Welcome back! Today we're going to dive into a new function called Dynamic Platform Optimizer (DPO) which was recently released via FW 760.00 for exisitng P7 High-end systems (FHB) and the new P7+ based IBM Power 770 (MMD) and 780 (MHD) systems. We had a great internal presentation by the technical owner of this function, Ed Prosser (PowerVM Hypervisor Development), and I wanted to share some of the highlights of that with you today. DPO touched multiple subsystems from within the IBM Power servers but Power Firmware (specifically PHYP) had a large contribution to it.
What does it Do?
In a nutshell, DPO optimizes memory access for the partitions running in your system. Faster memory access can equal large boosts in overall performance. DPO does this by dynamically moving the processor and memory assigned to each partition so that the partitions resources have the best affinity possible (given the constraints of the partition configuration and system hardware topology). Here's the high level priority rules the firmware uses for resource placement of each partition:
1. Memory that is directly attached to the processor using it.
2. Memory that is within the same node/drawer as the processor using it.
3. Memory in other nodes/drawers
I borrowed the following picture from the redbook article I reference at the bottom. It provides a nice visual on what the function does. In this example, partition 4 was specifically marked to not be affected by the DPO operation. You can see how the other 3 logical partitions have their CPU's and corresponding memory moved to optimize the affinity.
Why do I need It?
When partitions are initially created, the above rules are followed automatically but as new partitions are created and deleted, DLPAR operations are performed, partitions are moved around, and functions like mobility are used, the configuration can become degraded in regards to processor/memory affinity. DPO is a way to re-optimize your system based on its current state without requiring a system reboot.
How do I use It?
Control is done via the HMC command line tool (lsmemopt and optmem). The command line tools provide ways to see your current memory affinity score (0-100) and to control which partitions' are affected as well as to provide overall status of the operation. See the reference below for more information.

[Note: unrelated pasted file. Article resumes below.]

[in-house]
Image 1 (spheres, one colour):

What are the Caveats?
The most important one is that running DPO on partitions that have older OS's could actually degrade performance unless the partition is rebooted! This is because the earlier OS versions will not know that their resource placement has changed, and will be assigning virtual processors and memory to applications based on stale topology data. Please either plan to reboot these partitions after running DPO, exclude them from the DPO operation (using the command-line option), or (best of all) update the partitions operating systems to the appropriate level as defined in the references below.
Please note that running DPO will impact the performance of the partitions it is running against (up to 20%) so plan accordingly. PHYP will utilize idle CPU cycles from cores within the system to run the required algorithms during the DPO process so there is no impact to other partitions in the system.
Finally, some mobility operations and virtualization features are blocked while running DPO.
That's it! Take it for a spin and let us know how it works out for you. Please feel free to follow me on twitter (@PowerFW) for the latest and greatest news from Power Firmware Development.
IBM PowerVM Virtualization Managing and Monitoring (see chapter 15)